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History & Genealogy


A History of the

in the Wars of
1775-1812, 1861-'65,
Joseph T. Wilson
Late of the 2nd Reg't. La. Native Guard Vols. 54th Mass. Vols.
Aide-De-camp to the Commander-In-Chief G. A. R.
Author of
"Emancipation," "Voice of a New Race,"  "Twenty-Two Years of Freedom," etc., etc.
56 Illustrations
Hartford, Conn.:
American Publishing Company


pg. 249

     The appearance of the negro in the Union army altered the state of affairs very much.  The policy of the general Government was changed, and the one question which Mr. Lincoln had tried to avoid became the question of the war.  General Butler, first at Fortress Monroe and then at New Orleans, had defined the status of the slave, "contraband " and then "soldiers," in advance of the Emancipation Proclamation.  General Hunter, in command at the South, as stated in a previous chapter, had taken an early opportunity to strike the rebellion in its most vital part, by arming negroes in his Department, after declaring them free.
     Notwithstanding the President revoked Hunter's order, a considerable force was organized and equipped as early as December, 1862; in fact a. regiment of blacks was under arms when the President issued the Emancipation Proclamation.  This regiment, the 1st South Carolina, was in command of Colonel T. W. Higginson, who with a portion of his command ascended the St. Mary's river on transports, visited Florida and Georgia, and had several engagements with the enemy.  After an absence of ten or more days, the expedition returned to South Carolina without the loss of a man.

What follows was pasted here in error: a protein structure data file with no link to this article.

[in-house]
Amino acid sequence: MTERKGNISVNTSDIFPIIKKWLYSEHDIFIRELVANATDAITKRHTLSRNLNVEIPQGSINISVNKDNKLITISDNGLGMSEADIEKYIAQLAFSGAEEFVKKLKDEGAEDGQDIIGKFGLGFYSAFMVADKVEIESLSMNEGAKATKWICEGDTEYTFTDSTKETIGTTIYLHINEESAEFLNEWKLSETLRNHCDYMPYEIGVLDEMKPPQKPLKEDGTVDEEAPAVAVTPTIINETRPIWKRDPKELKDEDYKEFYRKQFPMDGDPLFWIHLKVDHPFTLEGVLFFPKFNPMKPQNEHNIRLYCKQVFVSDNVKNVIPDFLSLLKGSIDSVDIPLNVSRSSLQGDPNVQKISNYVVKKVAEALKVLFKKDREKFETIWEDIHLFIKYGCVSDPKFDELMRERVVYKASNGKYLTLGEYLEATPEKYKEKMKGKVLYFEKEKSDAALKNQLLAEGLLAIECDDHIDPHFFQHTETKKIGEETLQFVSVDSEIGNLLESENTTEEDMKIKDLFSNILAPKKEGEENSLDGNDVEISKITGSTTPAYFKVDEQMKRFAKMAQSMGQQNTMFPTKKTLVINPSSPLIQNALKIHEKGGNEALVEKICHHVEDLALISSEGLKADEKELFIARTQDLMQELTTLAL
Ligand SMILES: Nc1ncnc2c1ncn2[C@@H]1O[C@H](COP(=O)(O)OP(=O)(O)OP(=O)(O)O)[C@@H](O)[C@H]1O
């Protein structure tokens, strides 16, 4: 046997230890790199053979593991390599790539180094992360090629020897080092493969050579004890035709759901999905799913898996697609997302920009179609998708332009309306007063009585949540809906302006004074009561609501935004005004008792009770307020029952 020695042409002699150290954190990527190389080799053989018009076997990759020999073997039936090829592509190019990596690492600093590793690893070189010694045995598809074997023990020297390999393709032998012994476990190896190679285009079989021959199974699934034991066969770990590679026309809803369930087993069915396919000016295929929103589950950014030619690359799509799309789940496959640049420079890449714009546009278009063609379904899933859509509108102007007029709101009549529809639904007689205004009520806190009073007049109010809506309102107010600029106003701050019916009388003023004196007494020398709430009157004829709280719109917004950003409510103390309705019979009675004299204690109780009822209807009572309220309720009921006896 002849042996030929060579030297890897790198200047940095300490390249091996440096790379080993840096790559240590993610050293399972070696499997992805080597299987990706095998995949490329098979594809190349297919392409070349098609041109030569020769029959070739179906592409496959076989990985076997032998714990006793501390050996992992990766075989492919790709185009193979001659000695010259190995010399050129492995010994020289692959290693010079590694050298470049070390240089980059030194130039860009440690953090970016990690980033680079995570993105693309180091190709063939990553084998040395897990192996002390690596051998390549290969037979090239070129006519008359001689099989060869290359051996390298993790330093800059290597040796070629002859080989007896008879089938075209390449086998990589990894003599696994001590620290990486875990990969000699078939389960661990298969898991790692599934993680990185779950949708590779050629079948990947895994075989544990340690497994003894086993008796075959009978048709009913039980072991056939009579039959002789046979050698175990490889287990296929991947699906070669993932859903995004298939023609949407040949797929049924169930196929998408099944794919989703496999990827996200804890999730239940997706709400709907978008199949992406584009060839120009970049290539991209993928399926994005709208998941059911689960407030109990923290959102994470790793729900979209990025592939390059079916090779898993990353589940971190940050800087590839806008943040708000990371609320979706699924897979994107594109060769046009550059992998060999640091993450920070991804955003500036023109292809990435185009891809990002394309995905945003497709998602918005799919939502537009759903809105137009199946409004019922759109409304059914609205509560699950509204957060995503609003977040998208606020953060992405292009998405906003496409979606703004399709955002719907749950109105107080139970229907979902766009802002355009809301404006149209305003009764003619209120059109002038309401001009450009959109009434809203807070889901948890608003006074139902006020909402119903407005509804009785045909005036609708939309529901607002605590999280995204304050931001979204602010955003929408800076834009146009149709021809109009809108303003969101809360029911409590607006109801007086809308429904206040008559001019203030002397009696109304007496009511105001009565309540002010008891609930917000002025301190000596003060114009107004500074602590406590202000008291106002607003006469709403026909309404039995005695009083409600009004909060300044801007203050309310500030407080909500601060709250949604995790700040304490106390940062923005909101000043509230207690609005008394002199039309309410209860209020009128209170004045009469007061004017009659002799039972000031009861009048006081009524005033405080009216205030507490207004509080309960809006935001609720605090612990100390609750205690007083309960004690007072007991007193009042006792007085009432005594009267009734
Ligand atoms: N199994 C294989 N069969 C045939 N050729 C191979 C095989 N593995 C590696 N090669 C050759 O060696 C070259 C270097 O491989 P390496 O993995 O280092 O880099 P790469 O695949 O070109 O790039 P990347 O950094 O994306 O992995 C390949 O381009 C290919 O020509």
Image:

Had there been but one army in the field, and the fighting confined to one locality, the Phalanx would have been mobilized, but as there were several armies it was distributed among the several forces, and its conduct in

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battle, camp, march and bivouac, was spoken of by the commanders of the various armies in terms which any class of soldiers, of any race, might well be proud of.
     General Grant, on the 24th of July, following the capture of Vicksburg, wrote to the Adjutant-General:
     "The negro troops are easier to preserve discipline among than are our white troops, and I doubt not will prove equally good for garrison duty.  All that have been tried have fought bravely."
     This was six days after the unsurpassed bravery of the 54th Regiment Massachusetts Volunteers—representing the North in the black Phalanx—had planted its blood stained banner on the ramparts of Fort Wagner.  It was
the Southern negroes, who, up to this time, had reddened the waters of the Mississippi. It was the freedman's blood